It may have stopped raining in Southern California, but clouds still covered the Hotel Cafe on Thursday night for the double bill of Keren Ann and A Girl Called Eddy. The two transcontinental warblers offered sets filled with melancholy ballads of romantic recrimination and regret, delivered in hushed vocals and cloaked in diffused pop classicism, making for a evening of gorgeously modulated yearning.
Darkly exotic in the manner of Anna Karina or Francoise Hardy, Keren Ann’s songs have the gauzy, existential black-and-white beauty of ’60s New Wave films. With one foot in New York and the other in Paris, they inhabit a world where fog hangs above the rain-slicked streets as lovers part in the shadows of cathedrals. The memory of a departed lover is so painful that walking in their old neighborhood burns her feet.
The songs, mostly from last year’s “Not Going Anywhere” and the upcoming “Nolita” (both Metro Blue/Blue Note) are an intoxicating mix of folk, cabaret and the blank ache of the Velvet Underground’s third album. They’re sung (in both French and English) in a bruised whisper — part Nico and part Marianne Faithfull — that’s all elegant ache.
Accompanied by Jason Hart’s sympathetic piano, and sitting, one leg crossed over the other, head tilted toward her guitar, she’s a modern chanteuse, and one that’s impossible not to fall in love with.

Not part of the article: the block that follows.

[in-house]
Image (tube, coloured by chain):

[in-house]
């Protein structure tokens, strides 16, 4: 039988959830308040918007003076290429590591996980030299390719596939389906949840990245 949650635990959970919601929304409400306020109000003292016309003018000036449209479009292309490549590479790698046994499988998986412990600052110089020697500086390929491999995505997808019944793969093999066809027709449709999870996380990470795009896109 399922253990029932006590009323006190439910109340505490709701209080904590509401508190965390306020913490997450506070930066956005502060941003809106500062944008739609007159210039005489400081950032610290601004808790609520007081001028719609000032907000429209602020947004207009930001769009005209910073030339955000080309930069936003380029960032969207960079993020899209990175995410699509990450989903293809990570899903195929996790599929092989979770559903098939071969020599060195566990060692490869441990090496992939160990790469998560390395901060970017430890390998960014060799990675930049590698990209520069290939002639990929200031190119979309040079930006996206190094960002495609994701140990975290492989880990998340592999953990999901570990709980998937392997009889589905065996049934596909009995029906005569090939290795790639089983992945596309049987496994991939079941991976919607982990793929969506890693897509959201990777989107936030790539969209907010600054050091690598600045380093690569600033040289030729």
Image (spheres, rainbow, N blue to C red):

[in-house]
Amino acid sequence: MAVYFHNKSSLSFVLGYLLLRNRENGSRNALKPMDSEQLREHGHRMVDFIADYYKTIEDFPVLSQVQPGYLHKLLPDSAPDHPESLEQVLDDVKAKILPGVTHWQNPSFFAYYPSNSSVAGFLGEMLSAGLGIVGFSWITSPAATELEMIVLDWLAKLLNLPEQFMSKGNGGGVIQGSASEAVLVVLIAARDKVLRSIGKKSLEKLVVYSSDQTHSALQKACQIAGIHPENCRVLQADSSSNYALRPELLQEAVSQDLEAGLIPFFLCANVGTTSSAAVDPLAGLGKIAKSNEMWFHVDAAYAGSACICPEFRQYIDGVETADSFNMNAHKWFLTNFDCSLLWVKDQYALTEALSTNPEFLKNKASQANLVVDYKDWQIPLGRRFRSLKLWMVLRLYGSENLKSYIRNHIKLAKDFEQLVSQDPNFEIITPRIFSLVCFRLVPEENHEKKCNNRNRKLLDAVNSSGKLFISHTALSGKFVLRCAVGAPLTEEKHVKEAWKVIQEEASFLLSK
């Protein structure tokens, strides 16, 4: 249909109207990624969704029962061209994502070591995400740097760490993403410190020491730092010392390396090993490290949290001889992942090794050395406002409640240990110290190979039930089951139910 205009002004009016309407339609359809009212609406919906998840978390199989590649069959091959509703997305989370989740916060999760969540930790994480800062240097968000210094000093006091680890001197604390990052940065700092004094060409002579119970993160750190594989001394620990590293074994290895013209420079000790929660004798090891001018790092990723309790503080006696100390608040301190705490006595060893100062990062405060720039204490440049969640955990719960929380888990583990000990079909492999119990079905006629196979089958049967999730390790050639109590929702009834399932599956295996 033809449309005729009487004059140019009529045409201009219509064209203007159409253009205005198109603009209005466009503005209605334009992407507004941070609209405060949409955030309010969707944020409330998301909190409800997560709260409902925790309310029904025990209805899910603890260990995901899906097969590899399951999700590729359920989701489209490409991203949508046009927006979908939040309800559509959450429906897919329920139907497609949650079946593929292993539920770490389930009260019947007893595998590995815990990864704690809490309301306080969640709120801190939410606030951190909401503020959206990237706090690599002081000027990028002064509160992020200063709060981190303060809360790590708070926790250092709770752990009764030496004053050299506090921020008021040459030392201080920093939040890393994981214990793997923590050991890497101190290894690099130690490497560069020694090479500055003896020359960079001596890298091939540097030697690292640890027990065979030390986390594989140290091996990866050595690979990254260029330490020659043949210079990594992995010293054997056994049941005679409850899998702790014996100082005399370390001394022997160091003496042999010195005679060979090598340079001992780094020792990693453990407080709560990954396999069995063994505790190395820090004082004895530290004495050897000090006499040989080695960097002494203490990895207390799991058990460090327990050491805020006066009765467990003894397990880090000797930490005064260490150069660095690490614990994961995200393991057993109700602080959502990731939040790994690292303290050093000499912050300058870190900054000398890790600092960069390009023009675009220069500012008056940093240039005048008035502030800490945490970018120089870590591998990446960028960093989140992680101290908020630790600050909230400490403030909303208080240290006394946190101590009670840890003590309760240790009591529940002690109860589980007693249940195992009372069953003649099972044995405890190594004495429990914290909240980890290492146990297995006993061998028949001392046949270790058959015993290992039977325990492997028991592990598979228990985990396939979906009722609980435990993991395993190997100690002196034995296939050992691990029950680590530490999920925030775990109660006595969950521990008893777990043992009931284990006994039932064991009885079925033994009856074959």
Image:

A Girl Called Eddy’s (full name Erin Moran, and not to be confused with the “Happy Days” actress) self-titled Anti-/Epitaph album was one of last year’s most welcome discoveries: a moody, widescreen breakup album, filled with unexpected images such as tears “scattered like newspapers” on the street, and lovers sitting in an empty cafe “just us and our mistakes.” She draws you into her plush world and invites you to have a good cry. But it was questionable how it would translate live. Touring without a drummer (the club’s postage-stamp stage was a tight squeeze for Moran and her two guitarists), her live set put the focus squarely on the songs and her voice.
The London-by-way-of-Neptune, N.J., singer has a marvelously dusky voice reminiscent of Dusty Springfield and writes songs that can stand comparison to Burt Bacharach and Jimmy Webb.
She sets the tone by opening the set performing “Heartache,” accompanied by a record played on an old-fashioned kiddie turntable. Its thin tone, scratches and pops let you know she wasn’t going to try to re-create the album’s sound. But the two guitars (one twelve-string) and her keyboard playing (along with an occasional computerized drum part) were thick enough that the arrangements never sounded undernourished.
“The Long Goodbye,” one of the album’s highlights, took a countrypolitan turn with Shez Sheridan’s lap-steel guitar, and the trimmed-down “Somebody Hurt You” made an even greater case to be considered the best Bacharach-styled pop song to be written in many a year.
Keren Ann and A Girl Called Eddy play two dates in New York: March 9 at Fez and 10 at Joe’s Pub.